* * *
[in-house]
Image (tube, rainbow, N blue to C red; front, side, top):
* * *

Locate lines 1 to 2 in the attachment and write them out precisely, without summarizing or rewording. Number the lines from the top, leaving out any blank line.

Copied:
[in-house]
Image (tube, rainbow, N blue to C red; front, side, top):